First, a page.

Creationist Wisdom — Example 63

TODAY’S creationist wisdom comes to us from that blessed land we call The Florida Ark, home to a great number of creationists. It’s that concave stretch of coast — an arc, get it? — starting at the Alabama border and then sweeping down the shore of the Gulf of Mexico all the way to Tampa, and perhaps a bit beyond. We coined this Curmudgeonism here.

And so, dear reader, straight from the Florida Ark, we present to you: Flawed theory, a letter-to-the-editor which appears at the website of Tampa Bay Online, the internet presence of a few papers in the Florida Ark. We think this one is either in the Tampa Tribute or Highlands Today.

We’ll copy today’s letter in its entirety (well, almost) omitting the writer’s name and city, and we’ll add our Curmudgeonly commentary between the excerpted paragraphs. The bold font was added for emphasis:

It has been a number of years since I took a course in anthropology, but as the course progressed and during the ensuing years, I have become increasingly convinced that Darwin’s Origin of the Species Philosophy is only grasping after a straw.

Clearly we are reading the product of a brilliant mind. Note that he refers to “Darwin’s Origin of the Species Philosophy.” To our own limited intellect, there is either the title of Darwin’s book, or the theory of evolution described within it, but today’s letter-writer labels the whole thing a “philosophy.” When you encounter a mind so original that new terminology is required to express its ideas, you know you’re in for a treat. Let’s read on:

I am not alone. Following are a few who take a similar position:

Okay, now brace yourself, because what follows is a veritable festival of creationist quote-mining. Here it comes!

In a letter to Harvard professor Asa Gray, Darwin admits, “I am quite conscious that my speculations run quite beyond the bounds of science.”

Asa Gray was a contemporary of Darwin’s, with whom Darwin corresponded. All of Darwin’s writings are available online, but we can’t find that quote. Therefore we assume it’s a creationist invention. We are always amused, however, when creationists attempt to disprove evolution by citing Darwin.

We found something like the letter-writer’s “quote” here, in Darwin’s “The variation of animals and plants under domestication,” for which Asa Gray wrote a preface. Darwin’s words are these, and we’ll highlight the words that perhaps “inspired” the fraudulent quote:

It is the consideration and explanation of such facts as these which has convinced me that the theory of descent with modification by means of natural selection is in the main true. These facts have as yet received no explanation on the theory of independent Creations; they cannot be grouped together under one point of view, but each has to be considered as an ultimate fact. As the first origin of life on this earth, as well as the continued life of each individual, is at present quite beyond the scope of science, I do not wish to lay much stress on the greater simplicity of the view of a few forms, or of only one form, having been originally created, instead of innumerable periods; though this more simple view accords well with Maupertuiss philosophical axiom “of least action.”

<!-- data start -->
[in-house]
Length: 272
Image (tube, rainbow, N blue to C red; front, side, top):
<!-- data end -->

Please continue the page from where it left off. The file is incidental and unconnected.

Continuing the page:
Not quite what today’s letter-writer would have us believe, but that’s the only time Darwin said “quote beyond the scope of science,” which is at least close to the bogus quote in today’s letter. If we find something closer, we’ll add an addendum to this post.

We continue:

Dr. Louis Bounourd, Director of the Zoological Museum and Director of Research at the National Center of Scientific Research in France confessed, “Evolution is a fairy tale for grownups. This theory has helped nothing in the progress of science. It is useless.”

Well! That’s certainly convincing. Actually it’s not, because the “quote” has already been debunked for us at the Talk.Origins site here. On with today’s letter:

Steven J. Gould, former Harvard University professor of paleontology says, “The American Museum people are hard to contradict when they say there are no transitional fossils. I will lay it on the line, there is not one such fossil for with one could make a watertight argument.”

The only place we can find that “quote” is at creationist websites. It appears to be yet another fabrication. Oh, wait — Talk.Origins debunks that one too. It’s #56, found here. Funny, the bogus quote originally wasn’t even attributed to Gould, it was Colin Patterson.

Speaking of Patterson, misquoting him used to be a favorite ploy of the creationists, and the rest of today’s letter consists of an alleged quote from him. We won’t bother you with that one, but here’s yet another debunking essay from Talk.Origins: Patterson Misquoted.

It’s possible that the letter’s next — and final — paragraph isn’t supposed to be from Patterson, but there’s no close-quote so we can’t tell. It doesn’t really matter.

So that’s today’s creationist wisdom from the Florida Ark — a classic case of fabrications, misquotes, ignorance, and various other devices. And they wonder why they’re not respected.